2 14 oz cans of organic tomato sauce
1 14 oz can petite diced tomatoes
1 small onion minced – really small
2 cloves garlic minced – even smaller
2 Tbs basil and oregano or italian seasoning
1 tsp salt
1 tsp pepper


Combine all ingredients and let sit in fridge for several hours before use ( you can use it right away but letting it sit gives the ingredients a chance to mix and meld.

Store in air tight container in fridge or freeze.

Some freezing options. Measure out enough for pizza size of choice (or several so you have your choice) and place in ice cube trays or small muffin pans (perfect for personal pizza) and freeze. Once completely set, remove and store in freezer bags until ready to use.

I like to keep a bin in my fridge for my pizza dough and sauces so they are both readily available when the craving starts.



1/2 – 3/4 C. olive oil
1 tsp dried basil or italian seasoning
1/2 tsp garlic powder
1/4 tsp salt


Combine all ingredients and store in airtight container or oil dispense. I keep this stuff on hand for pizza, pasta dishes you name it.

Feel free to play with the ingredients. I grow tons of fresh herbs and like to add these as well for a richer flavor.



>Blueberry Almond Cream Sweet Rolls

>Remember when you were young and your mother would tell you “dessert” is not a breakfast then turn around and feed you sugared speed from a box that would send you into a souped-up hyper state just before sending you off to an educational institution where you were expected to sit still and learn?

Yeah, I never saw the logic in that one either.

I say “Let them eat cake..or at least the closest equivalent.”

Today called for something warm, sweet and high on the “carb-o-scale”.

The idea for this recipe came to me a couple of weeks ago while I was trying to get to sleep – talk about “sweet dreams”.

Initially I wanted to make this with raspberries and several other ingredients all together but when I made the dough yesterday I realized I didn’t have some of the necessary food-stuffs. So perhaps we could say this was a new idea.

I love making bread, even moreso than desserts and although this can be a dessert it’s also a breakfast or a “middle of the day, sweet tooth attack” snack.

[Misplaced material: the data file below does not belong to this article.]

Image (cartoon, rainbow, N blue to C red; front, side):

The beauty of dishes like this is they give you a perfect excuse to eat sweets first thing in the morning.
It takes some time to prepare but the end result is wonderful. Medicine Man was in heaven and I had a new recipe to add to my repertoire.
The dough and sweet cream are adapted from recipes by Ciril Hitz.

Isn’t it great to be all grown up?

Blueberry Almond Cream Sweet Rolls

Steps In Order Of Preparation:

1. Dough – prepared the day before
2. Sweet Cream
3. Blueberry Sauce
4. Roll Preparation
5. Sweet Glaze


The day before


1 1/2 C. whole milk (room temperature)
1 large egg (room temperature)
1/2 Vanilla bean split (or 1/4 tsp vanilla powder) – this is optional if you do not have either
5 1/4 C. bread flour
3 tsp instant yeast
1/3 C. sugar
1 1/2 tsp salt
5 Tbs unsalted butter (refrigerated)


1. Split the vanilla bean in half and add the seeds to the milk.

2. Pour milk and egg into large mixer bowl and add the flour, yeast, sugar and salt. Mix on low speed until dough begins to come together – do not over mix.

3. Using a rolling pin hammer the butter on a sold surface between two sheets of parchment paper until butter resembles plastic. Cut butter into 7-9 separate sections.

4. Increase speed of mixer to medium and slowly add the butter pieces in stages. Make sure the butter is completely incorporated in to the dough before adding the next piece.

5. Mix until sold soft dough forms. If dough is ragged or tears easily it is underdeveloped. Continue mixing until stretchy.

6. Wrap dough securely in plastic wrap and put in refrigerator overnight. Dough will expand so be sure it’s wrapped tight and can’t break free of plastic.


Sweet Cream


1 C. whole milk
1 tsp vanilla extract or seeds of 1/2 vanilla bean or 1/2 tsp vanilla paste
2 Tbsp sugar
3 egg yolks
2 Tbs cornstarch
2 Tbs sugar
1 Tbs unsalted butter


1. In saucepan bring milk, 1/2 vanilla and second portion of the sugar to a rolling boil, stirring constantly. Once milk boils set aside and cool slightly.

2. Add egg yolk, cornstarch and first portion of the sugar in a bowl and whisk until light yellow and smooth.

3. Here’s the tricky part so be careful – using a whisk temper the egg mixture with the warm milk by SLOWLY add a little milk at a time, constantly stirring until fully mixed in.

4. Add mixture back to pan and reheat on low temperature, mixing with which constantly until cream begins to thicken. Careful not to let the sauce burn or coagulate to the bottom of the pan.

5. Remove from heat once it begins to bubble and stir in butter and other 1/2 vanilla.

6. Transfer to a cool bowl and cover with plastic wrap being sure wrap completely touches the top of the cream. This will prevent a skin from forming. Place in fridge until needed.

Blueberry Sauce:


 1 C. fresh or frozen blueberries
1/4 C. sugar
1/8 tsp. cinnamon, nutmeg or apple pie spice


1. Add all ingredients to small sauce pan and cook until just slightly thickened but blueberries still retaining most of their shape.